stands even though (through neglect or deceit) a dispensation had not been received.
For practical purposes there is only one prohibitive impediment that has general
pertinence, namely the barrier of mixed religion, where one party is Catholic
and the other is baptized and therefore Christian but not Catholic. Two other
prohibitive impediments are scarcely relevant: simple vows, as for persons in
most religious communities of Sisters, and legal relationship, where the civil
law makes it a forbidden relationship (though valid), which does not obtain
in the United States.
Inter-faith Marriages. Mixed marriages between Catholic and non-Catholic
Christians are prohibited, though not under sanction of invalidity, for reasons
intimated in an earlier context. Behind Church legislation stands the experience
of centuries, which shows that the differences between the two religious cultures
are normally so great that only exceptional courage and generosity and an extra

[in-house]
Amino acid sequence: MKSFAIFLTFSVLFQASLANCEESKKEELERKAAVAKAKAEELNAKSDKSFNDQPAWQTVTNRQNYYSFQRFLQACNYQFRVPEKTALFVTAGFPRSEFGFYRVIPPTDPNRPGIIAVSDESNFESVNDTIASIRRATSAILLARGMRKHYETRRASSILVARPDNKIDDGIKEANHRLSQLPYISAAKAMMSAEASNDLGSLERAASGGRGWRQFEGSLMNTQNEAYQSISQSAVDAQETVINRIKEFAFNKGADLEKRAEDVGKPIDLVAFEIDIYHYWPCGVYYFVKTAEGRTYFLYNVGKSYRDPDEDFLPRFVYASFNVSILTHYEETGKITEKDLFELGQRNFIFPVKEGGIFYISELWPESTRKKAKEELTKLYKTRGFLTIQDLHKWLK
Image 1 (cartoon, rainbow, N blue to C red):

abundance of grace can assure fidelity to religious principles on the part of
husband and wife, and perseverance in a happy marriage until death. Children
are often the worst sufferers because they are torn between two different outlooks
on life and two interpretations of Christianity that place a child in the awkward
position of either not knowing which to favor, or fluctuating in uncertainty
about religious faith, or favoring one to the exclusion (or opposition) of the
other. Statistics on the loss of Catholic faith among the children vary, but
sixty per cent seems to be a conservative figure for the United States in the
Protestants no less than Catholics discourage mixed marriages. They do so for
several cogent reasons. An inter-faith marriage between a Catholic and one who
is not Catholic lacks a commonly held and articulated basis of ideas, purposes
and motivations. It also notoriously lacks the resources of marital health provided
by common worship and common involvement in the most significant of all possible
interests. A mixed marriage likewise robs the parents of a common relationship
with their children on the deepest level, namely of the spiritual life. And